"Decisions of this Court have looked to both the nature of the offense itself, District of Columbia v. Colts, . . . as well as the maximum potential sentence, Duncan v. Louisiana . . . in determining whether a particular offense was so serious as to require a jury trial." 399 U.S. at 69 n.6, 90 S.Ct. at 1888.


If Callan has lost its vitality, it is for the Supreme Court, not this court, to say so.


Logic might demand a different result. Perhaps penalties for offenses should be infallible barometers for measuring the seriousness, for jury trial purposes, of an offense. If so, this simply is a case where history and precedent require a decision which logic and, perhaps, common sense do not.

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JAMES M. CARTER, Circuit Judge (dissenting):


The majority has done a commendable job of tracing the history of the crime of conspiracy. And I agree with them that the determination of what constitutes a "petty" offense does not turn exclusively on the maximum sentence possible for the offense. It does not follow, however, that all crimes once deemed serious by the common law are now deserving of a jury trial.


I believe, as does the majority, that all criteria should be considered in determining whether a particular offense is petty. Certainly one factor is whether the crime is designated a felony or a misdemeanor by the legislature. In 1948, conspiracy became a crime with two degrees by Congressional action. Act of June 25, 1948, c. 645, 62 Stat. 701, amending 18 U.S.C. §§ 88 and 294 (1940), codified at 18 U.S.C. § 371. A conspiracy is a felony if one of the objects is a felony; otherwise, it is a misdemeanor. Williams v. United States, 238 F.2d 215 (5 Cir.), cert. denied, 352 U.S. 1024, 77 S.Ct. 589, 1 L.Ed.2d 596 (1956). The majority opinion does not properly account for this change in its discussion of the common law crime of conspiracy.


A statutorily defined misdemeanor usually is considered a petty offense not entitling the defendant to a jury trial. Duncan v. Louisiana, 391 U.S. 145, 160-61, 88 S.Ct. 1444, 20 L.Ed.2d 491 (1968) (semble ). In the case at bar, appellant was charged with conspiring to elude examination by immigration officials by making false representations, a misdemeanor under 8 U.S.C. § 1325. Therefore, the conspiracy with which appellant was charged was also a misdemeanor.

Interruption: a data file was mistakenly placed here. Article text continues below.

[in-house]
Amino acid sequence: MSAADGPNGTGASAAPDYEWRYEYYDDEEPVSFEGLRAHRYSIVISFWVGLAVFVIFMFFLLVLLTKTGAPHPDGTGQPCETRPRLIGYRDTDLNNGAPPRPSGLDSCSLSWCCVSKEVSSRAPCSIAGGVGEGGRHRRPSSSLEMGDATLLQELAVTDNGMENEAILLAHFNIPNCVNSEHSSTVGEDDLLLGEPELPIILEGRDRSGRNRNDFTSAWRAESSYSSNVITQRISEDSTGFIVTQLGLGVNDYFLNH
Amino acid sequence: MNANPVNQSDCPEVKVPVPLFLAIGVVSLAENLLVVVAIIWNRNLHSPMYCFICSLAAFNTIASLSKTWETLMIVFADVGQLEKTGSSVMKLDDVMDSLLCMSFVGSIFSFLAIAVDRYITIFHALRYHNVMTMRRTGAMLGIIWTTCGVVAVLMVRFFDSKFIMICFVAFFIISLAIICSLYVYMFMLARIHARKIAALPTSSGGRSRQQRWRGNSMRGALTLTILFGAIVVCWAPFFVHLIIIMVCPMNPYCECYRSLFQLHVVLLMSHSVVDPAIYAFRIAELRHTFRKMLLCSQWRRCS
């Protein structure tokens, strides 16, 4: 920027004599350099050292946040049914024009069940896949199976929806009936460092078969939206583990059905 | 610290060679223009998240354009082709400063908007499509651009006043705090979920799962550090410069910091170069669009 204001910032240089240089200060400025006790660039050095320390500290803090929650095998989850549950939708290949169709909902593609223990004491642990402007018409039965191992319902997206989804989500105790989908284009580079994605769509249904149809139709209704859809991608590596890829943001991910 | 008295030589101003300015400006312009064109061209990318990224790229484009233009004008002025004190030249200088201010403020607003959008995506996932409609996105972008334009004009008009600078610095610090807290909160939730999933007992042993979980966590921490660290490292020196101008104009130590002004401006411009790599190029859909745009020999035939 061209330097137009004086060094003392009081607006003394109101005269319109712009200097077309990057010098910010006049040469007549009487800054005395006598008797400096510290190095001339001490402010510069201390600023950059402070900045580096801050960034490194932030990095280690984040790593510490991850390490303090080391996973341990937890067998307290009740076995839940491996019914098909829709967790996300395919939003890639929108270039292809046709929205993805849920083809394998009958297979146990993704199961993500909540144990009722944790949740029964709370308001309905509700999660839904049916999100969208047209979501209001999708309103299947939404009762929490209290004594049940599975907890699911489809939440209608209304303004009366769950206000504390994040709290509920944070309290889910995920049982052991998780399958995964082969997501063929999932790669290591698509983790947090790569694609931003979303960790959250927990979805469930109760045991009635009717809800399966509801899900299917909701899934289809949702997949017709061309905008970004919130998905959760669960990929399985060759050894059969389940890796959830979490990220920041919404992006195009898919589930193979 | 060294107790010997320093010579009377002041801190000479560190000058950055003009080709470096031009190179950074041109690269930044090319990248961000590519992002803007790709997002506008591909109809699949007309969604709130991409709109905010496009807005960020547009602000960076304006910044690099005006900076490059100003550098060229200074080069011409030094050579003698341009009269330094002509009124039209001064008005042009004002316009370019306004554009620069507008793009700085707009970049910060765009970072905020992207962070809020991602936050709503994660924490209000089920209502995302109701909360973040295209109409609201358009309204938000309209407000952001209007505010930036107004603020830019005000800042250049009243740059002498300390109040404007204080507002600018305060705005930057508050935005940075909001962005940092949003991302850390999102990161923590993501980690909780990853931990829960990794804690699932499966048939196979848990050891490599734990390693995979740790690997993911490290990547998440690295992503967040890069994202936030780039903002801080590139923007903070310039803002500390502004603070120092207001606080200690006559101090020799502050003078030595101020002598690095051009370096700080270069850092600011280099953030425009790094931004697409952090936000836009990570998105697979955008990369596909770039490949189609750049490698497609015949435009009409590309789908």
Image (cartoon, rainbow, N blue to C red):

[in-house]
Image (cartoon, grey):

The Supreme Court recently has been focusing on the length of the potential sentence to determine whether an offense is petty. In Baldwin v. New York, 399 U.S. 66, 90 S.Ct. 1886, 26 L.Ed.2d 437 (1970), the Court said:


"(I)n deciding whether an offense is 'petty,' we have sought objective criteria reflecting the seriousness with which society regards the offense, and we have found the most relevant such criteria in the severity of the maximum authorized penalty. Applying those guidelines, we have held that a possible six-month penalty is short enough to permit classification of the offense as 'petty.' . . ." 399 U.S. at 68-69, 90 S.Ct. at 1888 (citations omitted).


Appellant was subject to a maximum potential penalty of only six months. Thus, under the "most relevant" criterion announced by the Supreme Court, the offense is petty.


So in this case we are dealing with a conspiracy designated by the Congress as a misdemeanor and for which the maximum penalty is less than six months. I believe that when both of these criteria are met, then, and only then, is there no entitlement to a jury.


This rule has several advantages. It may be applied before any case goes to trial and is easily determinable by reference to the applicable statutes. Moreover, it would prevent the truly petty conspiracy, as seen in this case, from absorbing valuable court time with the necessity of a jury.


I would affirm.


Honorable James M. Burns, United States District Judge, District of Oregon, sitting by designation


At least for the first such offense. A second conviction under § 1325 would be a felony